He Was a First Responder on 9/11—Why He’s Telling His Story Now
Tom Frey spent years recovering victims of the 9/11 attacks. His time working to bring families answers resulted in his own poor health.
Courtesy Pulmonary Fibrosis Foundation
The day it all began
On the morning of September 11, 2001, Tom Frey reported to duty as a detective for the New York City Police Department. Like many on that fateful morning, he never imagined it would be the day his life changed forever. After the Twin Towers collapsed, Frey was assigned to Ground Zero where he set up DNA testing sites for families to bring personal items of loved ones to be tested; Frey also worked alongside a bucket brigade for rescue and recovery. When the debris was transferred to a landfill on Staten Island, Frey spent eight months painstakingly sifting through the dust and rubble, looking for human remains.
“We worked for weeks with no days off, searching for body parts and pieces of the planes. In the very beginning, we only had paper masks at Ground Zero, but once we moved to the landfill we were given hazardous material suits. When the Red Cross brought us lunch each day we had to take the masks and hoods off to eat, and the white dust, asbestos, and whatever else from the rubble blew onto us and our food. It was really rough.” Even after the rubble had been cleared, Frey says he worked for years assisting in the identification of remains from the attacks and notifying families of victims.
“It caused a fire in my lungs”
In February 2016, Frey says everything “hit the fan.” After routine check-up and blood work with his doctor, Frey got a call from the nurse the following day. His white blood cells were elevated, and after more testing, he was diagnosed with Hodgkin’s lymphoma, a cancer common among first responders of 9/11 due to the toxic debris they took in when the towers collapsed. “I went through nine rounds of chemo and started having a little shortness of breath. I saw a pulmonologist who diagnosed me with pulmonary fibrosis—he said it was a combination of the debris dust and chemotherapy that caused it.” Frey got chemotherapy for his Hodgkin’s treatment, and part of the chemo included bleomycin—pulmonary fibrosis is a side effect of that drug. “I asked him what we do to treat it, and he said, ‘nothing.’ He said that the chemicals I breathed had created a sort of fire in my lungs, and it scarred them.”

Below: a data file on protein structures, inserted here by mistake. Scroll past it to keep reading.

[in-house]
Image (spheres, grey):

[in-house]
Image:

Frey went home and researched the condition, and what he found shocked him. “It said I had three to five years to live. I thought I had written it down wrong. I went to my oncologist and told him what I read. I asked, ‘What do I do? This can’t be true.’ He said he was going to pray for me.” Pulmonary fibrosis is a progressive and fatal lung disease characterized by lung scarring that reduces the lungs’ function. Symptoms include shortness of breath, dry cough, gradual weight loss, fatigue, aching joints, and clubbing of the tips of fingers and toes. About 200,000 Americans are affected by the disease, and 50,000 are diagnosed annually. There are many forms of the disease, and it can be caused by environmental exposure to toxins and certain medications, as in Frey’s case. Treatment options include medications to slow the progression of the disease, supplemental oxygen, steroids, and clinical trials.
A new normal
After completing his chemotherapy treatment plan (minus the bleomycin), Frey began scouring the internet to learn more about pulmonary fibrosis. His searching led him to the Pulmonary Fibrosis Foundation, a site he says has made all the difference in his journey with the disease. “I saw that people on the website referred each other to the Mayo Clinic. I met with a doctor at the Jacksonville, Florida center and started a treatment plan. I started pulmonary rehabilitation and began using oxygen.” Frey’s cancer is now in remission and he will be eligible for a lung transplant once he has been cancer-free for five years. “I just keep moving. If you keep moving, you keep living.”
Many of Frey’s colleagues that responded to the World Trade Center attacks also have pulmonary fibrosis, as well as cancer due to the toxic chemicals they ingested during recovery efforts. “I know many from the police department have been diagnosed, and I’m sure the fire department is the same. A study recently came out showing that diagnoses’ are rising for the first responders of September 11.” Frey’s lung function is currently at 50 percent, and he says it’s stable—a good sign.
Today, the retired detective is an ambassador for the Pulmonary Fibrosis Foundation, traveling the country to encourage others with the disease. “It becomes an elephant in the room, you think maybe it will just go away, but it doesn’t. With every breath you know it’s there. If you have this, you have to go to the foundation’s website and get the resources. Go to the support group meetings. Doctors only have 15 minutes to offer you, but these people are going through the same thing. Some have lived with this for years. They give me hope.”
Read more about another man whose nagging cough turned out to be pulmonary fibrosis.
- American Lung Association: "7 Things Everyone Should Know about Pulmonary Fibrosis"
- Pulmonary Fibrosis Foundation